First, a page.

STADLER WILL build a new fleet of 42 trains for the Tyne & Wear Metro after being awarded a £300 million contract by North East Transport Authority Nexus. The trains will start arriving in 2022, with commercial operations beginning in 2023 and the full fleet in service by 2024.
The overall programme is valued at £362 million, with £337 million of funding from Government. The value of the deal with Stadler could rise to £700 million over 35 years through a contract to maintain the new trains.
The new trains will be walk-through five-car sets, each capable of carrying 600 passengers. Features will include air conditioning, Wi-Fi and USB charging points, as well a sliding step deployed at each of the 16 doors (eight per side) to close the gap with the platform and improve accessibility. Nexus promises that the trains will be around 15 times more reliable than the current fleet, with a reduction of 30% in the power requirements of the new fleet thanks to more efficient motors and regenerative braking. They will also be fitted from the outset with on-board batteries, which will allow them to travel for 45 minutes away from overhead wires, potentially making expansion of the Metro easier and more affordable.
Stadler will build the trains in Switzerland, but with many parts coming from companies in the North East and elsewhere in the UK, Nexus says. The design of the trains will be finalised this year with production starting next year. The first trains will arrive slightly later than planned in 2022, but Nexus says a ‘rapid delivery schedule’ will see the full fleet delivered by 2024.
The design of the fleet has been the subject of consultation by Nexus, with more than 3,000 passengers giving their views in a survey in 2016. Stadler’s designer, Zurich-based Nose Design Experience, teamed up with Newcastle firm Octo Design to work on the trains. The livery of the trains is yet to be finalised, with initial images showing the new fleet in white.
Stadler will also build a new £70 million depot on the site of the current facility at South Gosforth. This will feature sedum roofing, rainwater recycling, daylight capture and other environmental features. The firm will take over maintenance of the current fleet this summer with around 100 staff transferring to become Stadler employees, before rebuilding the depot ahead of the new trains arriving. Nexus is building a separate £20 million satellite depot at Howdon in a project delivered by Buckingham Group Contracting, which will be used during the transition while the new depot is under construction.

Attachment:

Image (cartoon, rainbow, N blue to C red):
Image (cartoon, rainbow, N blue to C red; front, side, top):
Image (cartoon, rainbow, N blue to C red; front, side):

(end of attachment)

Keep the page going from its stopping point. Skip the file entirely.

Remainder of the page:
The current fleet of 89 trains, half the length of the new ones, will be sent for recycling once the new fleet is in place. Two trains will be set aside for possible heritage interest and five carcasses for possible community use.
The order includes options for up to six additional trains to follow the initial 42. Nexus is bidding for £110 million of Government funding for the Metro Flow project, which would allow it to double the current single-track sections between Pelaw and Bede on the South Shields line, with the aim of completing construction work by October 2022. This would involve Nexus taking ownership of the single-track freight line which parallels the Metro, including track works and erection of overhead catenary, although Nexus says freight trains would still be able to run to Jarrow oil terminal. If this is achieved, four or five additional trains would be ordered and the daytime frequency of Metro trains across the network would be increased from five per hour to six per hour. The submission for the Transforming Cities Fund was made in November 2019. Nexus also promises to extend the hours of services to and from South Shields when the new trains arrive, as some will be stabled at the new Learning Centre there.